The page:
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Obesity: Appetite-suppressant drug ‘breakthrough’ revealed

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Many testers of semaglutide shed almost two-and-a-half stones in 16 months – results comparable to weight loss ops like a gastric bypass. Researchers believe it could benefit millions of people at risk of weight-related health conditions and diseases, including diabetes and Covid. In their study, one third of people who had a weekly dose for 68 weeks lost more than 20 percent of their total body weight.

They tipped the scales at an average 16.6st at the start and lost 2.4st. Professor Rachel Batterham, how to buy lipitor next day without prescription of University College London, said: “Three-quarters of people who received semaglutide lost more than 10 percent of their body weight and more than one-third lost more than 20 per cent.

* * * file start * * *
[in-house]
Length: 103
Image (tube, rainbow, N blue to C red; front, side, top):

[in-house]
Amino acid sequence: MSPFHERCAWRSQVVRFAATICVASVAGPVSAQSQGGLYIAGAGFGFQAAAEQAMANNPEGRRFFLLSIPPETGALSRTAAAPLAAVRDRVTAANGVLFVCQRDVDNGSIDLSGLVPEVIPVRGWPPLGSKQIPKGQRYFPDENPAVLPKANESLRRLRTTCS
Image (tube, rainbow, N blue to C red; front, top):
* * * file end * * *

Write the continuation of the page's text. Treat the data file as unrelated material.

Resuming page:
“No other drug has come close to producing this level of weight loss – this really is a game-changer.

“For the first time, people can achieve through drugs what was only possible through weight-loss surgery.”

The drug mimics a ­hormone released by the gut to tell the brain it is full, ­reducing hunger and calorie intake.

The trial involved almost 2,000 people in 16 countries given either a placebo or a weekly 2.4mg dose of semaglutide by injection.

The semaglutide users saw improvements in waist measurements, blood fats, blood sugar and blood pressure – and reported improvements in their overall quality of life.

Semaglutide is already approved for use in much lower doses of 1mg for patients with Type 2 diabetes.

Drug manufacturer Novo Nordisk has now submitted data to medicine bodies, seeking approval of the drug as a treatment for obesity.

The trial’s UK chief investigator Professor John Wilding, of the University of Liverpool, said: “This is a significant advance in the treatment of obesity.”

The findings are published in the New England Journal of Medicine.

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